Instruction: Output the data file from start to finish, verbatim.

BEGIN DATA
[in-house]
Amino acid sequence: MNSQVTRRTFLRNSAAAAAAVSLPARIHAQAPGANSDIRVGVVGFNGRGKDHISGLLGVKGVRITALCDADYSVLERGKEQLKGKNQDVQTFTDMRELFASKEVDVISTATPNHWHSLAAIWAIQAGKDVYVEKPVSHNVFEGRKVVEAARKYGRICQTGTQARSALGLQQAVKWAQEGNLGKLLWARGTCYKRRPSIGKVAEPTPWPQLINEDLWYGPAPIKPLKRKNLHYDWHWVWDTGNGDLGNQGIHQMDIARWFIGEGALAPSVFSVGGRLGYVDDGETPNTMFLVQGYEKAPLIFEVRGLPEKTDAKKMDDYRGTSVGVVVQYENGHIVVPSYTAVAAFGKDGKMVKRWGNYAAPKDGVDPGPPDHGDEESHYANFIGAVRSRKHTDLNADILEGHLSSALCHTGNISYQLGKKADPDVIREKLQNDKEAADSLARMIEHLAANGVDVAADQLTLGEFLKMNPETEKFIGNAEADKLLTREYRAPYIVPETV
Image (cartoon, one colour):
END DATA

[in-house]
Amino acid sequence: MNSQVTRRTFLRNSAAAAAAVSLPARIHAQAPGANSDIRVGVVGFNGRGKDHISGLLGVKGVRITALCDADYSVLERGKEQLKGKNQDVQTFTDMRELFASKEVDVISTATPNHWHSLAAIWAIQAGKDVYVEKPVSHNVFEGRKVVEAARKYGRICQTGTQARSALGLQQAVKWAQEGNLGKLLWARGTCYKRRPSIGKVAEPTPWPQLINEDLWYGPAPIKPLKRKNLHYDWHWVWDTGNGDLGNQGIHQMDIARWFIGEGALAPSVFSVGGRLGYVDDGETPNTMFLVQGYEKAPLIFEVRGLPEKTDAKKMDDYRGTSVGVVVQYENGHIVVPSYTAVAAFGKDGKMVKRWGNYAAPKDGVDPGPPDHGDEESHYANFIGAVRSRKHTDLNADILEGHLSSALCHTGNISYQLGKKADPDVIREKLQNDKEAADSLARMIEHLAANGVDVAADQLTLGEFLKMNPETEKFIGNAEADKLLTREYRAPYIVPETV
Image (cartoon, one colour):